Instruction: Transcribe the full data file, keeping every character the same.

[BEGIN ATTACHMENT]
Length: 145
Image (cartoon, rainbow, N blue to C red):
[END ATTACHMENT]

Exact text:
Length: 145
Image (cartoon, rainbow, N blue to C red):